DALLAS (CBSDFW.COM) – When Mayor Mike Rawlings leaves office in June, he will be the longest serving mayor in Dallas since R.L. Thornton in 1961.
Rawlings told CBS 11 anchor Russ McCaskey that he plans to work every last day he is on the job.
“The day after the new mayor is sworn in, you are at home, what are you doing?” Russ asked. “Well I probably going to work out a little bit. I’ve figured this out…” Rawlings said.
If you know the Dallas mayor, you know that he has a plan for everything.
The two-term mayor, who can’t run again due to term limits, plans to work every last second until a new mayor takes over.
“I’m going to run all the way to the finish line. That’s what you do,” he said.
As passionate as he is for the City of Dallas, he doesn’t see more politics in his future.
“I’m a business person. So I’ll stay in business. We’ll continue to help small and mid sized businesses grow. That’s my special gift and hopefully I can continue to contribute to the city in the future,” Rawlings said.
That means continuing to push his Grow South initiative for the rest of his term and beyond.
“I sure hope the next mayor is going to be focused on southern Dallas. The job is to be the tie-breaker. If there is any question, we need resources in southern Dallas as opposed to north Dallas,” he said.
Rawlings has some advice for the next mayor: have a thick skin and get ready for the most intense job of your life.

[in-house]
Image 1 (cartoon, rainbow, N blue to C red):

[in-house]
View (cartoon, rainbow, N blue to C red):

“Where ever you go. People are intense. They are mad at you or they want something or they are excited about something. They are selling you on something. So the intensity level all the time is at the highest level,” Rawlings said.
Rawlings said the biggest challenge of his eight years came the night five officers were shot at the end of a rally in downtown Dallas.
The violence broke out at the end of an already difficult day for him.
“We had buried my wife’s mom that day. And sat down watching a Rangers game with a tuna fish sandwich…” Rawlings said.
He quickly realized deadly attack was not just a Dallas issue but also a national one.
“So what does that mean for the country and how are we going to come together… and I realized Dallas need to be the shining example of how to be do that,” Rawlings said.
Rawlings joined with other city leaders and went to work.
He praised the police department and officers who worked tirelessly that week, and the faith based community that helped lift the city up in the time of crisis. It culminated in a way he could not have imagined when he first got that call.
“What started as a tragedy was a triumphant moment for Dallas, standing there with President Bush and President Obama singing Battle Hymn of the Republic. We were basically saying to evil we can overcome this, and that was a great moment for Dallas,” Rawlings said.
The new mayor will sworn in on June 17. After that, Rawlings plans to take the summer off, spend time with family and then get back to work in the private sector.